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Last Letters From The Living Dead Man
(Mr. "X" is David Patterson Hatch 1846-1912, a former judge)








            This book, the third and last of the Living Dead Man series, was written between February, 1917, and February, 1918. Then I lost the ability—or perhaps I should say the inclination to do automatic writing.
            As this third manuscript was shorter than the other two, I had supposed it to be a fragment which would probably never be finished; and it was not until my publisher urged me to issue it as a fragment that I read it all over for the first time and discovered that it was really a complete thing, an organic whole.

            “Perhaps,” I told myself, surprised and still half-incredulous, “there is a divinity that shapes our ends.” For had the book been published when it was written, it would have seemed premature; now the greater part of it is timely as yesterday’s editorials.
            For the benefit of those who have not read the earlier books of the series, “Letters From a Living Dead Man,” 1914, and “War Letters From the Living Dead Man,” 1915, I will quote from the introductions of those books. In the first introduction I said: 

            “One night last year in Paris I was strongly impelled to take up a pencil and write, though what I was to write about I had no idea. Yielding to the impulse, my hand was seized as if from the outside, and a remarkable message of a personal nature came, followed by the signature ‘X.’

            “The purport of the message was clear, but the signature puzzled me.
            “The following day I showed this writing to a friend, asking her if she had any idea who ‘X’ was.
            “ ‘Why,’ she replied, ‘don’t you know that that is what we always call Mr.——?’
            “I did not know.
            “Now Mr.—— was six thousand miles from Paris, and, as we supposed, in the land of the living. But a day or two later a letter came to me from America, stating that Mr.—— had died in the western part of the United States, a few days before I received in Paris the automatic message signed ‘X.’
            “So far as I know, I was the first person in Europe to be informed of his death, and I immediately called on my friend to tell her that ‘X’ had passed out. She did not seem surprised, and told me that she had felt certain of it some days before, when I had shown her the ‘X’ letter, though she had not said so at the time.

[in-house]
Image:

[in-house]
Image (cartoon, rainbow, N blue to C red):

“Naturally I was impressed by this extraordinary incident….

            “But to the whole subject of communication between the two worlds I felt an unusual degree of indifference. Spiritualism had always left me quite cold, and I had not even read the ordinary standard works on the subject….
            “Several letters signed ‘X’ were automatically written during the next few weeks; but, instead of becoming enthusiastic, I developed a strong disinclination for this manner of writing, and was only persuaded to continue it through the arguments of my friend that if ‘X’ really wished to communicate with the world, I was highly privileged in being able to help him….
            “Gradually, as I conquered my strong prejudice against automatic writing, I became interested in the things which ‘X’ told me about the life beyond the grave….

            “When it was first suggested that these letters should be published with an introduction by me, I did not take very enthusiastically to the idea. Being the author of several books, more or less well known, I had my little vanity as to the stability of my literary reputation. I did not wish to be known as eccentric, a ‘freak.’ But I consented to write an introduction stating that the letters were automatically written in my presence, which would have been the truth, though not all the truth. This satisfied my friend; but as time went on, it did not satisfy me. It seemed not quite sincere.
            “I argued the matter out with myself…. The letters were probably two-thirds written before this question was finally settled; and I decided that if I published the letters at all, I should publish them with a frank introduction, stating the exact circumstances of their reception by me.
            The interest aroused by “Letters From a Living Dead Man,” which had been published simultaneously in London and New York, astonished me. Requests for translation rights began to come in, and I was flooded with letters from all parts of the world. I answered as many as I could, but to answer all was quite impossible.

            Now I will quote again, briefly, from the Introduction to the second volume, “War Letters From the Living Dead Man,” 1915.

            “In that first book of ‘X’ I did not state who the writer was, not feeling at liberty to do so without the consent of his family; but in the summer of 1914, while I was still living in Europe, a long interview with Mr. Bruce Hatch appeared in the ‘New York Sunday World,’ in which he expressed the conviction that the ‘Letters’ were genuine communications from his father, the late Judge David P. Hatch, of Los Angeles, California….